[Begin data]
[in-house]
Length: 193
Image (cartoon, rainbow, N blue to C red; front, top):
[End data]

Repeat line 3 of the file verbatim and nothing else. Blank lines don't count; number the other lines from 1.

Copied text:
Image (cartoon, rainbow, N blue to C red; front, top):